John Connolly has chosen to weave two elements: The trauma of war veterans with smuggling of various items. Connolly has done an excellent job with these elements in particular, the very vulnerable picture of these soldiers. The other element that of smuggling of items, is done through the introduction of a lost Sumerian artifact which the title of this story focuses upon. This new introduction of artifacts was done in an effort to give a more mystical/horror edge to the stories. While both elements worked from a writing standpoint and both worked as separate elements their fusion do not come across as smoothly as Connolly would have envisaged.

As a fan of Connolly's books I was enthralled by the book up until the very end. However, enthralling this book was it did not reach the high standards that I have come to expect after reading some of his more spectacular stories such as "The Reapers", "The Black Angel" and "The Lovers".

While I can recommend The Whispers to any newcomer to Connolly's works, as well as to fellow Connolly fans. I would have to say that hard core fans should be prepared that it
might not be as pulchritudinous as we have come to expect.


Tahlia said...

Pulchritudinous? You lost me there. Thanks for the review though, it really gives me a clear idea.

I just found your blog and wanted to contact you, but couldn’t see where, so I’m putting this here. I thought that you might like to see ch 1 of my new YA fantasy novel, 'Lethal Inheritance’ at
I’d love to know what you think of it.

Croaker said...

Having just finished reading The Whisperers last night, I have to agree with you that it doesn't quite live up to the standards raised by The Reapers and The Black Angel.

However, The Whisperers is still a solid entry in the series and fans of Charlie Parker will have a great time devouring it just like I did :)

Anonymous said...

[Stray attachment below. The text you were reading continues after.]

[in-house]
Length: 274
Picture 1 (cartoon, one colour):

You know, I've never read anything by John Connolly, but this review intrigues me, which means I'll probably be investigating some books of his to read fairly soon.

The Reader said...


Thanks for your kind words, if you look at the blog at the top corner on the left, there's a contact option which lists the email, Facebook & twitter page. Also if it helps here's the FBC email

I'll definitely give chap. 1 a read, thanks for the link.


Good to hear from you, The Whisperers was good however it just lacked that "something" which didn't make it a great read for me. Its felt like John was returning back to his horror roots from "Bad Men" however unlike BM, this one just fell short at the conclusion.

However the best part about this book was the portrayal of the ex-soldiers and the trauma they face after returning. This was the highlight of the book for me besides the Collector's enigmatic last words!


Thank you for your comments & I'm glad to hear you'll be trying John's books. If you would like to start from the beginning of the series, you should try "Every Dead Thing".

If you would like to read a standalone-ish book, then go ahead for "The Black Angel" [Techinically its the 5th in the series, however can be read as a standalone]

Lastly if you want to read one of his best books, then give "The Book of Lost things" a shot.


Anonymous said...

Hey! Just read The Whisperers. I loved it! But I didn't understand one thing. The box, that made the soldiers take their own lives, what exactly was its intention? Why exactly did the soldiers commit suicide?
Pls help!

The Reader said...

@ Anon.

Since this was nearly 3 years ago, my memory is a bit hazy. Also MAJOR SPOILER ALERT!!!

If I recall correctly the box held an entity/demon that wanted to be out and needed a specific type of soul to contain it. In regards to the suicides, I think it was a combination of PTSD, impending madness and/or the box's magic.